Periodically, flush some fresh enzumes down the toilet. These are sold on the cleaning aisle, usually with cleaners and other chemicals. They can come as a liquid, ina bottle, or as a powder, in a box. Rid-X is one brand out there.

If you inherited a septic system from previous owners of the home, or had renters there before you, it’s probably a good idea to get it pumped to avoid it backing up.

Answer by swoop
No, there isn’t a flap in that pipe.

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Where Should I Post a Question About Property Taxes & Septic Tank Issues?

Question Asked by Power: Where should I post a question about property taxes & septic tank issues?
I might have to pay thousands of dollars to remove these tanks under my ground. I also pay a large amout for taxes. I am wondering if my taxes should be lowered if others in my county who have public sewage are not paying the same rate as I am?

Best answer:

Answer by Steve D
Usually, everyone in the same jurisdiction pays the same rate which is based upon the house’s assessed value. If someone’s house is valued above yours, they will pay more, yet pay the same rate, if someone’s house is valued less, they also will pay the same rate but pay less overall. If someone is paying a lower rate (not amount, but actual rate per $ 100/$ 1000 of assessed value), you need to determine why that person is paying a lower rate – very rarely will it be because ofsewer versus septic.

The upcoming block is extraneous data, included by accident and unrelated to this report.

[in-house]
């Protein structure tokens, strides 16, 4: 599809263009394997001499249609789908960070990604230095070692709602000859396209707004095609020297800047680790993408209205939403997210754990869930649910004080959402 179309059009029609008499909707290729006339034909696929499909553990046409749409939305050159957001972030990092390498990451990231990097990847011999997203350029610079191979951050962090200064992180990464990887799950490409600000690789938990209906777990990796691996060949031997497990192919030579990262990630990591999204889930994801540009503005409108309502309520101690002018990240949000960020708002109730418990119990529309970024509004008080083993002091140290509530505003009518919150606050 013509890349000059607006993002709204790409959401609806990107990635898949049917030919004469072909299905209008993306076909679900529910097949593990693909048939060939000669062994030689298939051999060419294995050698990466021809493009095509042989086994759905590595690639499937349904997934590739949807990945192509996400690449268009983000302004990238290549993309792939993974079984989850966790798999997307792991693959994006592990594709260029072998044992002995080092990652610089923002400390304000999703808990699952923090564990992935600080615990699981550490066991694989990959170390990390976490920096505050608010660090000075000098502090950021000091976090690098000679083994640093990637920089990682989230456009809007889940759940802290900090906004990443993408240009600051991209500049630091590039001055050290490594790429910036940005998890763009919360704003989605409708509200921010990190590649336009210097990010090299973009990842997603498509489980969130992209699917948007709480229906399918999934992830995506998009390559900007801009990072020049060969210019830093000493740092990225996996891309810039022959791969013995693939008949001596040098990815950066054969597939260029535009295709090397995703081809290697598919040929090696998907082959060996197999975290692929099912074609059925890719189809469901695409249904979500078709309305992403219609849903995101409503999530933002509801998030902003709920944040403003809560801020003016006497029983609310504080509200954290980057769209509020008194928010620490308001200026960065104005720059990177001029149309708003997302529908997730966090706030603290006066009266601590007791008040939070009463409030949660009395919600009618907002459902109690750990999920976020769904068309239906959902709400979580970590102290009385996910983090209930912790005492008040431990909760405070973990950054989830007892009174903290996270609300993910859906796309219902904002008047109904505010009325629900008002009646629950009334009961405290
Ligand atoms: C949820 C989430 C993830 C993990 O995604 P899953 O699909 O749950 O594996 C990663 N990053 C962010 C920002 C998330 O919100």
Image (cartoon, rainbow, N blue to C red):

The only question would be whether hooking up to public sewer increases or decreases the value of your house (my guess is that it increases the value which will in the long run [after the next assessment] increase the amount you pay).

And note that the county/jurisdiction will not give you a break just because you have to spend money to remove septic tanks.

Answer by Max Hoopla
The costs of removal of septic tanks will be an adjustment to the basis in the home. Having a sewer instead of a septic system will affect the market value and thus the tax assessment value.

Answer by tro
probably your county
removing the old system and being connected to the community line is your expense, has nothing to do with taxes
your property is assessed on its useage and improvements which include buildings

Answer by Beverly S
Ask in the rental/real estate section. But your question isn’t clear.. why would you have to remove the tanks? Tax rates are the same whether you have septic or sewer.

Answer by Tigger
Home and Garden
I would think once you are hooked up to public sewer the tanks should stay there or the city should take them out when they change over. They really are not hurting anything in the ground empty.\’

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Q&a: How Much Does It Coast to Get a Septic System Hooked Up? Also How Do I Go About Getting It Hooked Up?

Question Asked by : How much does it coast to get a septic system hooked up? Also how do I go about getting it hooked up?
I really wold like to know soon. I would like to get this on the ball.